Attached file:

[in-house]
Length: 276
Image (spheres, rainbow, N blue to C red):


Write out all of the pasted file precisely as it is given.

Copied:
[in-house]
Length: 276
Image (spheres, rainbow, N blue to C red):